Having recently delved into the cinematic year of wonder that is 1961, it was an easy selection to include the emotive turn from Jeanne Moreau from La Notte in my Actress Lead shortlist. In the same year the French actress made a cheeky cameo in Jean-Luc Godard’s Une Femme est une femme as Jean-Paul Belmondo simply asks her how it’s going with Jules et Jim. Moderato, Moreau responds. A subtle understatement if ever I heard one.
I can think back to my earliest memories of Jules et Jim, back when I perhaps couldn’t fully grasp the kind of bond the two male characters had, or when I was unsure how to pronounce (or spell) the name of director François Truffaut, and growing up to the prospect of perhaps meeting someone as hypnotic and fickle as Catherine. A unquestionable element of what makes Jules et Jim a genuinely great, no matter how many times I have re-watched it, is that Jules and Jim (no offense at all Oskar Werner and Henri Serre) are not the focus of the movie – Catherine is.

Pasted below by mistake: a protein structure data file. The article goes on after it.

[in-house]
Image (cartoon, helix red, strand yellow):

Audacious, magnetic, temperamental, the legendary Jeanne Moreau is bewitching beyond comprehension in her many guises here, I’ve fallen in love with Catherine over and over. And Moreau. The camera follows her and sticks to her like glue. Jeanne has long since earned the mantra iconic and the loving cliche that there is nobody quite like her. This loss is a sad one indeed, but a somber reminder of her enormous screen presence and my life-long affection of cinema.
Au revoir, Mademoiselle Moreau, je t’aime.